(61:6.1) The great event of this glacial period was the evolution of primitive man. Slightly to the west of India, on land now under water and among the offspring of Asiatic migrants of the older North American lemur types, the dawn mammals suddenly appeared. These small animals walked mostly on their hind legs, and they possessed large brains in proportion to their size and in comparison with the brains of other animals. In the seventieth generation of this order of life a new and higher group of animals suddenly differentiated. These new mid-mammals—almost twice the size and height of their ancestors and possessing proportionately increased brain power—had only well established themselves when the Primates, the third vital mutation, suddenly appeared. (At this same time, a retrograde development within the mid-mammal stock gave origin to the simian ancestry; and from that day to this the human branch has gone forward by progressive evolution, while the simian tribes have remained stationary or have actually retrogressed.)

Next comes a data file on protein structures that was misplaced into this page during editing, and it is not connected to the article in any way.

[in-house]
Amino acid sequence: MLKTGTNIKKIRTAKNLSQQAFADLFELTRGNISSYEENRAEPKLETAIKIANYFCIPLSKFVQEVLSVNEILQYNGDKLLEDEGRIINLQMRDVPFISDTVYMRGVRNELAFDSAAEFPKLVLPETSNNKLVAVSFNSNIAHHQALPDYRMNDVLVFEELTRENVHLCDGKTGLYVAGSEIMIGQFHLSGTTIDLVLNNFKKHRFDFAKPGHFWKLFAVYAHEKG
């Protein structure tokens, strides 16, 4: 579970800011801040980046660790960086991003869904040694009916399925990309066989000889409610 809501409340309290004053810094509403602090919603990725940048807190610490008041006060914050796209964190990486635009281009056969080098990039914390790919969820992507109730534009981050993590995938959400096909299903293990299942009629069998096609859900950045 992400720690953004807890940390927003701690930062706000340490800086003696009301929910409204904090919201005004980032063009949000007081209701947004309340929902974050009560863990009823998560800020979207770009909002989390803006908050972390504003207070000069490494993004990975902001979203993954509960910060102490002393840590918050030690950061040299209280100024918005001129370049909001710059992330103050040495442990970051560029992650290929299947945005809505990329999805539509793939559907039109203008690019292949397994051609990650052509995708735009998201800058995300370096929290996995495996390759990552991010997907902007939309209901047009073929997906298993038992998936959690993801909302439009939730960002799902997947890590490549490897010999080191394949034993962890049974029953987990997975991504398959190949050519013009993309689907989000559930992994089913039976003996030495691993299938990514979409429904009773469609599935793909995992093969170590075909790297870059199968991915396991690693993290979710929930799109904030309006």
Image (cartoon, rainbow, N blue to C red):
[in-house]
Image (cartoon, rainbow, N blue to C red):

(62:2.1) A little more than one million years ago the Mesopotamian dawn mammals, the direct descendants of the North American lemur type of placental mammal, suddenly appeared. They were active little creatures, almost three feet tall; and while they did not habitually walk on their hind legs, they could easily stand erect. They were hairy and agile and chattered in monkeylike fashion, but unlike the simian tribes, they were flesh eaters. They had a primitive opposable thumb as well as a highly useful grasping big toe. From this point onward the prehuman species successively developed the opposable thumb while they progressively lost the grasping power of the great toe. The later ape tribes retained the grasping big toe but never developed the human type of thumb.
See 2017 article about the evolution of a new finch species on the Galapagos Islands.